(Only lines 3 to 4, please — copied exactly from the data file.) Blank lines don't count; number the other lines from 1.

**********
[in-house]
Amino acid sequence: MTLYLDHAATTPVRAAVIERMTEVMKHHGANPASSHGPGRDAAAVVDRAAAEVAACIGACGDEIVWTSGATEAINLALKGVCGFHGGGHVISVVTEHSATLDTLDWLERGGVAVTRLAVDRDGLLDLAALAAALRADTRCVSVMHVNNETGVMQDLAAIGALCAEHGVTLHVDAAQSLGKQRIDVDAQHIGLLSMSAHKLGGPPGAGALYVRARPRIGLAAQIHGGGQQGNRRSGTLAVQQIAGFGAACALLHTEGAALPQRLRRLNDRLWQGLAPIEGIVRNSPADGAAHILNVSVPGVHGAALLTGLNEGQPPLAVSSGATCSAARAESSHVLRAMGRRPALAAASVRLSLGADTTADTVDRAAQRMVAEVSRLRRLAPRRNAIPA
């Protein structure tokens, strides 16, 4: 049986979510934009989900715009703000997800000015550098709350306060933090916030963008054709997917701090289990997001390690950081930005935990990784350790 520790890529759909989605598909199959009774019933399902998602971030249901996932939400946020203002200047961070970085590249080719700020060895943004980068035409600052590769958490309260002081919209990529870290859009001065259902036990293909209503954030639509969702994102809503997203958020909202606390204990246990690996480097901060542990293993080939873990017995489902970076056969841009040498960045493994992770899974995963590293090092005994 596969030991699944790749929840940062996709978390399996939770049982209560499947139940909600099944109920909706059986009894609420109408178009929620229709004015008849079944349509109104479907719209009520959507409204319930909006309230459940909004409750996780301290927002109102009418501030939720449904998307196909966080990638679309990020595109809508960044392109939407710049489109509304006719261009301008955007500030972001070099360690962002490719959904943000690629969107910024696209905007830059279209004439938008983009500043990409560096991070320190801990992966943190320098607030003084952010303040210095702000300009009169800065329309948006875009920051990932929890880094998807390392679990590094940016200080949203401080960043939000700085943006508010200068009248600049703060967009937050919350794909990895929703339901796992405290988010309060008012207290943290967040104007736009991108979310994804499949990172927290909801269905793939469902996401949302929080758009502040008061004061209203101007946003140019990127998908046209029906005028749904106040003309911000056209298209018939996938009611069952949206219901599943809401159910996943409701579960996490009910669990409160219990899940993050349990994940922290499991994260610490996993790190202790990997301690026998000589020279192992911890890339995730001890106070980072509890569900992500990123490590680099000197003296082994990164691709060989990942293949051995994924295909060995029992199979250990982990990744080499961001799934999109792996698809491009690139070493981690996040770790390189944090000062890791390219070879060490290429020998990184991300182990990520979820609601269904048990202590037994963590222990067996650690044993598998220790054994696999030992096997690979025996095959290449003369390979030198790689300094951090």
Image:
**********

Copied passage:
């Protein structure tokens, strides 16, 4: 049986979510934009989900715009703000997800000015550098709350306060933090916030963008054709997917701090289990997001390690950081930005935990990784350790 520790890529759909989605598909199959009774019933399902998602971030249901996932939400946020203002200047961070970085590249080719700020060895943004980068035409600052590769958490309260002081919209990529870290859009001065259902036990293909209503954030639509969702994102809503997203958020909202606390204990246990690996480097901060542990293993080939873990017995489902970076056969841009040498960045493994992770899974995963590293090092005994 596969030991699944790749929840940062996709978390399996939770049982209560499947139940909600099944109920909706059986009894609420109408178009929620229709004015008849079944349509109104479907719209009520959507409204319930909006309230459940909004409750996780301290927002109102009418501030939720449904998307196909966080990638679309990020595109809508960044392109939407710049489109509304006719261009301008955007500030972001070099360690962002490719959904943000690629969107910024696209905007830059279209004439938008983009500043990409560096991070320190801990992966943190320098607030003084952010303040210095702000300009009169800065329309948006875009920051990932929890880094998807390392679990590094940016200080949203401080960043939000700085943006508010200068009248600049703060967009937050919350794909990895929703339901796992405290988010309060008012207290943290967040104007736009991108979310994804499949990172927290909801269905793939469902996401949302929080758009502040008061004061209203101007946003140019990127998908046209029906005028749904106040003309911000056209298209018939996938009611069952949206219901599943809401159910996943409701579960996490009910669990409160219990899940993050349990994940922290499991994260610490996993790190202790990997301690026998000589020279192992911890890339995730001890106070980072509890569900992500990123490590680099000197003296082994990164691709060989990942293949051995994924295909060995029992199979250990982990990744080499961001799934999109792996698809491009690139070493981690996040770790390189944090000062890791390219070879060490290429020998990184991300182990990520979820609601269904048990202590037994963590222990067996650690044993598998220790054994696999030992096997690979025996095959290449003369390979030198790689300094951090």
Image: